Flood Legend Supports Bible Account
THE global Deluge of Noah’s day is a historical fact. Versions of the account are found in the oral history of many different civilizations around the world. In the African country of Chad, the Moussaye tribe explains the Flood like this:
‘Once upon a time, in a faraway place, there lived a family. One day, the mother of this family wanted to prepare a sumptuous meal for her loved ones. So she took her mortar and pestle to pound the grain into flour. At that time the sky was much closer than it is now. In fact, if you reached up with your hand, you could touch it. She pounded the grain with all her strength, and the millet she pounded quickly turned to flour. But as she pounded, the woman carelessly lifted the pestle too high, and she poked a hole in the sky! Immediately, a great quantity of water started falling to the earth. This was no ordinary rain. It rained for seven days and seven nights until the whole earth was covered with water. As the rain fell, the sky began to rise until it ended up where it is now—unreachably high. What a catastrophe for humanity! Since then, we have lost the privilege of touching the sky with our hands.’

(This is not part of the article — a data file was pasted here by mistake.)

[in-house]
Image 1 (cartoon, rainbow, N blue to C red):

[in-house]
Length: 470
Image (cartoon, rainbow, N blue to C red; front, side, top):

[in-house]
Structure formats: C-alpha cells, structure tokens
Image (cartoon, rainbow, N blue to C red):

Interestingly, ancient accounts telling of a global flood can be found all around the world. Native civilizations of the Americas as well as Aborigines of Australia all have stories about it. The details may differ, but most accounts contain the thought that the earth was covered by water and only a few people survived in a man-made vessel. The widespread presence of this theme adds support to the fact that a worldwide Deluge did occur, as reported in the Bible.—Genesis 7:11-20.